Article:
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|MHI-HITACHI to Take Over MHI and Hitachis|
|Rolling-Mill Design and Procurement Operations|
TOKYO, Japan, December 21, 2001 Mitsubishi Heavy Industries,
Ltd. (MHI) (TSE: 7011) and Hitachi, Ltd. (NYSE: HIT) today announced
that on April 1, 2002, MHI and Hitachi, Ltd. agreed to transfer their
rolling-mill design and procurement operations to their marketing and
engineering joint venture MHI-HITACHI Metals Machinery, Inc.(MHI-HITACHI),
which they established in October 2000. The two companies also agreed
to increase investment in MHI-HITACHI, with the aim of building up its
business as a specialist supplier of rolling mills for steel plant.
Currently, conditions in the market for equipment for steel plant are very severe, due mainly to a global slump and the advance of European competitors into Asian markets. However, it is expected that steelmaking orders will recover gradually over the long term in Chinese and other Asian markets, and that demand for rolling mills will rise as a result of a forecast shortage of production capacity. In anticipation of this, equipment manufacturers must become more cost-competitive and improve their engineering prowess in such areas as maintenance and know-how while, at the same time, maintaining a high technological level.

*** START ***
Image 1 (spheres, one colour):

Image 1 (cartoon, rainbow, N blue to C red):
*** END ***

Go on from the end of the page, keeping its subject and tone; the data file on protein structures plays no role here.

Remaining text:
In response to this market environment, MHI and Hitachi established MHI-HITACHI in October 2000 to handle marketing and related engineering activities in the rolling-mill business as part of a wide-ranging alliance designed to hone both companies'#146; engineering prowess and competitiveness in service quality and costs. Additionally, a merger of marketing departments of two companies in October 2001 has positioned both companies to respond more swiftly to market needs.
By merging the two companies design and purchase divisions into MHI-HITACHI, the two companies plan to consolidate their positions by improving design systems and eliminating unnecessary duplication regarding facilities and investment. Product planning, development, marketing, procurement and other operations are being concentrated at MHI-HITACHI's headquarters in Tokyo, the design of hot rolling mill and processing line in the Hiroshima region, and the design of cold rolling mill in the Hitachi region. In manufacturing operations, structures are being established for coping efficiently with changes in demand, including the use of parent company facilities.
Through this merger, MHI and Hitachi will transfer to MHI-HITACHI their rolling-mill businesses. By drawing on the world-class technology and professional track record of the parent companies, MHI-HITACHI will be able to respond even more swiftly to diverse customer needs and, in one leap, take its place among the top suppliers in this field.
Outline of MHI-HITACHI after the merger
|WRITTEN BY Corporate Communications Division